“Will we allow this?” Peruc asks the assembled Kaliyahs. “Will we let the Tekne continue to claim mastery? This world was meant to be different. A place where old debts were forgiven. We all paid a price to come here. If mine can be called to account, then so can any of yo—”

The butt of the hunter’s pistol strikes him in the jaw, knocking him onto the cobbles. He did not see the man approach. His head rattles from the blow. He tastes blood on his lips. Spits, tries to get the words out.

“Perhaps, I deserve this in the eyes of the syndicates,” he calls, to the watching crowd. “But what do you deserve? What crimes have you committed? When will you be judged?”

“Cousin, please!” 

Merruan is hurrying towards him, signing to the hunter with his free hand, while he balances Yara on his hip. His daughter wails in fear. But her eyes are drawn not to her father, but to the hunter. Her fingers clutch at the lapel of Merruan’s tunic. Trying to pull him away…

Peruc’s ears are ringing from the blow, but he hears the pistol cock behind him. Merruan’s eyes go wide. He stops mid-stride and backsteps. Peruc does not hesitate, does not second guess. He surges to his feet. Leaps to shield them.

The first bullet strikes him in the shoulder. The second, in the lower back.

His body hits the cobbles, chin glancing off the stone. His vision goes dark and, when he opens his eyes again, the acrid smell of gunpowder is heavy, along with something else: the tang of blood. His blood. Numbness is spreading through his body. Feet move past him. People are running. Someone turns him over. Jostling bodies. A chink of blue sky overhead.

“Yara?” he asks, but no one hears him.

More shots ring out and Peruc tries to lift himself onto his elbows. But he is too weak. Unfamiliar hands press him back to the ground. The noises are getting farther away. 

“My daughter?” he tries again.

“She’s here, we’re here.” Merruan’s face appears. His cousin is kneeling, holding Yara. Sandro is close beside them, white and trembling. Peruc extends a hand, so his children can wrap their little fingers about it. 

“I saw again, da,” Yara tells him. Her face is red and tear-streaked. “I tried to stop him.”

“I know.” Peruc smiles at her. “I saw you trying. I’m so proud of you. You’ve been very brave today.” Dark spots dance before his vision. He can barely move for the pain. Blood is pooling around him. He does not have much time. “I love you both. Tell your mother I love her. Tell her every day. For me.”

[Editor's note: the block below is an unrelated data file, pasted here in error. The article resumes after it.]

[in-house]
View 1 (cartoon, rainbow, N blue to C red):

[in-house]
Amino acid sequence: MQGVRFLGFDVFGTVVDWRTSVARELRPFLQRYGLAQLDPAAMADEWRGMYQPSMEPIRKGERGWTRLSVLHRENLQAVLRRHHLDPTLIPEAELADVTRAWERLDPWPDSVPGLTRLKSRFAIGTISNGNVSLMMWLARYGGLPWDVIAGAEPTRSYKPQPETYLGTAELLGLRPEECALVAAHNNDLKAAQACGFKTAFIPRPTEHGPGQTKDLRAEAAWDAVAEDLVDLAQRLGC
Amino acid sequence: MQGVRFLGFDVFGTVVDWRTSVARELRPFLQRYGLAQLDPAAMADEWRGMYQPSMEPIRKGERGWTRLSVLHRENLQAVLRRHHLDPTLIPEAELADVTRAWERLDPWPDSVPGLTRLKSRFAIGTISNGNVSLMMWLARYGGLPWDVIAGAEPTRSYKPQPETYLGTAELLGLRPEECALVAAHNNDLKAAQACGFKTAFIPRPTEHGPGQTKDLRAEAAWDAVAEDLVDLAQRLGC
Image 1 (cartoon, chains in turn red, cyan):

He presses each of his children’s hands. Tries to wipe the tears from Yara’s cheeks. But he cannot. His arms have become too heavy.

“They are chasing the hunter out, cousin,” Merruan tells him. There is awe in his voice, beneath the grief. “Back through the gate. When he fired, people thought he’d killed — well, most didn’t see you jump in the way. They rushed him. Pelted him with loose stones. Even a hunter can bleed. They listened, I think, to what you were saying.”

“What I was saying?” Peruc has half-forgotten already. A helpless wonder kindles in his heart. 

“What you were saying,” Merruan echoes. “Listen.”

A distant chant is spreading through the crowd, building in volume around them. Peruc can just make out the words. No Tekne in Turbada. No debts in the islands. He looks at his children. His hands tremble. The song of his fellow Kaliyans is a bright melody, lifting his spirit to soar with the gulls above the harbour. As his eyes close, he sees many hands, reaching for him like some kind of talisman. 

And for that moment, all is right with the world.

 

About the author: W.A. Hamilton is a copywriter and editor, working in digital marketing. Born and raised in Canada, he currently resides in Aotearoa New Zealand with his wife and a cat that does not belong to him. In his free time, he enjoys board games, bouldering, sour beers, and the films of Hayao Miyazaki.

 

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My name is Jack L. Bryson and I'm the editor of Teleport. I studied literature at University of Montana. I live in Mountain View Ca, and my email is coffeeant1@gmail.com